The members of his ensemble, Maria Tepavicharova, Lora Nedialkova, Yordanka Pavlova, Teodor Koychinov, Steven Achikor and Roburt Iliev are characterised by high musicality and good voices. Their professionally played mixture of devout behaviour and the attempt not to completely give up their own personalities creates a connection with the audience, who sympathise and are glad not to have to take part in this crazy casting themselves. When the performer, musician, dancer and choreographer, who comes from Bulgaria, calls one or the other back to him from the stage long after the respective casting, he casually and flippantly wipes away the idea of witnessing a casting that is actually taking place. The reference to the play within the play thus succeeds in an exemplary manner.

Ivo Dimchev captivates “In Hell with Jesus” with the caricaturing of certain mechanisms of show business, but also with the openly displayed human inadequacy that must inevitably accompany it. What is usually glossed over and hidden, dusted with glitter and streamlined, is mercilessly exposed here. Nevertheless, the packaging is so humorous and intelligent that one cannot help but be thoroughly entertained. Dimchev never fails to convince in each of his shows. Admirable.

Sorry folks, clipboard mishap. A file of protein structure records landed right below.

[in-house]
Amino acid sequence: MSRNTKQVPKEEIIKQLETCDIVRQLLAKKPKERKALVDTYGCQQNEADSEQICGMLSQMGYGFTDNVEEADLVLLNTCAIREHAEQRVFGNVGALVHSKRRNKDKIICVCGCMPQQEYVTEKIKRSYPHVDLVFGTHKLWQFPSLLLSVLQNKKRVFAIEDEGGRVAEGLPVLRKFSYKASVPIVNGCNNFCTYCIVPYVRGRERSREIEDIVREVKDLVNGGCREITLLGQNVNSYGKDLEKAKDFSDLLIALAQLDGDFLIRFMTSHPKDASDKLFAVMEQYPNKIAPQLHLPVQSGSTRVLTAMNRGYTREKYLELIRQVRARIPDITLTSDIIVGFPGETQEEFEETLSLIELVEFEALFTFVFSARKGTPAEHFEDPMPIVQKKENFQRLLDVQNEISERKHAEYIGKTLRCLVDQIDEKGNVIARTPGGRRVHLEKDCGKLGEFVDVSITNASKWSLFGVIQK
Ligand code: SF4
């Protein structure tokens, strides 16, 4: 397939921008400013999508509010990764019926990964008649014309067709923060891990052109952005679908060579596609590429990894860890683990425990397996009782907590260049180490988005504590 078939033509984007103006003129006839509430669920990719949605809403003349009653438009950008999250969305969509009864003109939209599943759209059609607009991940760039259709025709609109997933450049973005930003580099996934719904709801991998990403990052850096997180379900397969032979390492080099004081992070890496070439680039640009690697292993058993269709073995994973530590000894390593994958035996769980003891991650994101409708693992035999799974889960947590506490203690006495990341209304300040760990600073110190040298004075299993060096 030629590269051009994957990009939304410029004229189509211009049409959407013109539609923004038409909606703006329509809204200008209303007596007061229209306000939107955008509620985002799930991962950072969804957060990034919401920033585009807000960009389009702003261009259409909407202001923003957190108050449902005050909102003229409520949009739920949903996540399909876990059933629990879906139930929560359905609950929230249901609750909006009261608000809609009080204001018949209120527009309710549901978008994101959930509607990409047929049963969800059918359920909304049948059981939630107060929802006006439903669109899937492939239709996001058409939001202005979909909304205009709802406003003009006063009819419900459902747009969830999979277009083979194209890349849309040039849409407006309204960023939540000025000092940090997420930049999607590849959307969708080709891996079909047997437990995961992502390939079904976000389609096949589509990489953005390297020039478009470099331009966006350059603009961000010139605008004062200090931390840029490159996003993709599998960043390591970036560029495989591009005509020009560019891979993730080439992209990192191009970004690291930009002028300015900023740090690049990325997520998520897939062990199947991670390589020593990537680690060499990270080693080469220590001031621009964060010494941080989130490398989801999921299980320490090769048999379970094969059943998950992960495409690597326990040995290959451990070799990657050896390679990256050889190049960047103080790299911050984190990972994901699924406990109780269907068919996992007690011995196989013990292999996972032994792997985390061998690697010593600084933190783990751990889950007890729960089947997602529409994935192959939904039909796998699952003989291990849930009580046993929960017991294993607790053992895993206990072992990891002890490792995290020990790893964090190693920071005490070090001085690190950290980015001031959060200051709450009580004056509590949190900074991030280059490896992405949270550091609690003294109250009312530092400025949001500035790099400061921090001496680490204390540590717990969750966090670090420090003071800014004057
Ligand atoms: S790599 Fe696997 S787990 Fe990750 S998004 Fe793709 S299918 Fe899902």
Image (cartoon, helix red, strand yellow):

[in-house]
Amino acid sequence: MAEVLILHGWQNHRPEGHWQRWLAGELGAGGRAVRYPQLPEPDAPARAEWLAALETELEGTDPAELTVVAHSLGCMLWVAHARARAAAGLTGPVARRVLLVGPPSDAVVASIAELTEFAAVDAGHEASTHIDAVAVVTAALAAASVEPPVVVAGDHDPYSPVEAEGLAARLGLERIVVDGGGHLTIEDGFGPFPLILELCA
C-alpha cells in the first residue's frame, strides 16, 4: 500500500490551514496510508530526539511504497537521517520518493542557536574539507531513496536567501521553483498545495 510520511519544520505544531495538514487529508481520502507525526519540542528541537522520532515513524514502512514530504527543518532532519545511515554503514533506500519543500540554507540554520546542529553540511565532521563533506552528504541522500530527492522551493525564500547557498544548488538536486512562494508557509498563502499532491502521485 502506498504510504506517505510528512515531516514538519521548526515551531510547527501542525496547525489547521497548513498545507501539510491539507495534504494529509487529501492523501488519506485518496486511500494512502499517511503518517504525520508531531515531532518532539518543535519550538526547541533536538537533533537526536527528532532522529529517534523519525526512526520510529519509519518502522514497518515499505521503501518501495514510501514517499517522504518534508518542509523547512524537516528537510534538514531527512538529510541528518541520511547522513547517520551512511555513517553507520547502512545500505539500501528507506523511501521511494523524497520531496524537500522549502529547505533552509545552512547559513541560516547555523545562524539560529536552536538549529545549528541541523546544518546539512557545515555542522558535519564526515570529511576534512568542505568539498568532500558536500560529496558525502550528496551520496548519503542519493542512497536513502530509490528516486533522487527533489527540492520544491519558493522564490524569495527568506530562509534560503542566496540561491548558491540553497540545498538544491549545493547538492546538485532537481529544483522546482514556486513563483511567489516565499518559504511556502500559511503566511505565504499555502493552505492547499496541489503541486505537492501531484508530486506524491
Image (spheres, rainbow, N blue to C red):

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Jarrett meets Mitchell meets Harrell

Jarrett meets Mitchell meets Harrell

The fusion of different art movements can currently be observed nowhere as well as in contemporary dance. The Afro-American Trajal Harrell, who has been a guest several times at Impulstanz, made a guest appearance this time with his dance company, the “Schauspielhaus Zürich Dance Ensemble” at the Volkstheater at this year’s festival. His cross-border choreographies are a fine example of performative art that is not satisfied with dance alone.

“The Köln Concert” is the title of the evening and refers to the music used in it – Keith Jarrett’s live recording of his improvisation concert at the Cologne Opera in 1975. Unexpectedly, sales of the recording, which was made under adverse circumstances, developed phenomenally and today “The Köln Concert” can boast the title of the best-selling solo jazz record in the world.

“The Köln Concert” (Photo: Reto Schmid)